• How important is a car and/or parking space to you? Do you want a car-free life where you can walk or bike everywhere; or, at least, get an Uber? Or you can’t imagine your life without a car.
• When and where do you feel most happy and engaged during your day? What frustrates you most each day?
Personal Goals – You don’t want to sacrifice your goals or outside pursuits once you’re homeowner, so make sure you include them in your decision-making.
• What are your personal goals and how will these affect your home needs or budget? For example, do you plan to change jobs at some point and your finances may change –a possible increase or decrease in salary?
• Do you want to work from home eventually or start your own business and may need space for an office and supplies?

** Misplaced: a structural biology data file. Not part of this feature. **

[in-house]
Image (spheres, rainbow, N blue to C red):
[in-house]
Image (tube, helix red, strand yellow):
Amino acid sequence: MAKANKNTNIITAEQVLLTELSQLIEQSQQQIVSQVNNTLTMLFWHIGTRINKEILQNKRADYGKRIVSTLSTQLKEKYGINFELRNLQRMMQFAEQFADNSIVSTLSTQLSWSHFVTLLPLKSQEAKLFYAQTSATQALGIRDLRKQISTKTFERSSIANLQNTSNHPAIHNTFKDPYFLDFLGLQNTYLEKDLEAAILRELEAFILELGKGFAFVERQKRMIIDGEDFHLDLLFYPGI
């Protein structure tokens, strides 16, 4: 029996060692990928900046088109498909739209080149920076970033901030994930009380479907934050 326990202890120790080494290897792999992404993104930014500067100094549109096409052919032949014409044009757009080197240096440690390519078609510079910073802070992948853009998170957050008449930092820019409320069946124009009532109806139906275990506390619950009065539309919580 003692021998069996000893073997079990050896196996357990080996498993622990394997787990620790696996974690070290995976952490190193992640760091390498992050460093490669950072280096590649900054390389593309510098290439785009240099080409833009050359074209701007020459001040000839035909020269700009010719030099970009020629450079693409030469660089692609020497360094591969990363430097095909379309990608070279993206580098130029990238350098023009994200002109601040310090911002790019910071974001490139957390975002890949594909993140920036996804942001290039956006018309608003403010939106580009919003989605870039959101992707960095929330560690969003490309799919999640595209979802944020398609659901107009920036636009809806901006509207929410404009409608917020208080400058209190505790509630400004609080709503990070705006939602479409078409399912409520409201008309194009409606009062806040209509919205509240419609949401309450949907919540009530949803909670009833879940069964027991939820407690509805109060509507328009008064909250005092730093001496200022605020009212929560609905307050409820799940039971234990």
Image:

• Would you prefer to live in a less expensive, possibly smaller, home so you have the funds to travel the world or for a favorite hobby?
Location–Where you live will affect everything about your lifestyle – from whether it has urban conveniences, lots of quiet green space, or even the types of homes available to buy – condo apartment, row house, townhome, or single-family home.
• Do you consider yourself a “location person” or a “house person”? Do you get more excited about the local amenities or the features inside your house? Usually, people tend to be more one than the other.Which are you?
• What is your ideal location and why?
• Where do you commute to and what is your preferred method of getting there? Would you prefer to have a longer commute to get more space? Or, do you want to live in the middle of a more urban community and possibly have less living space?
• Are schools in the neighborhood a factor for this home purchase?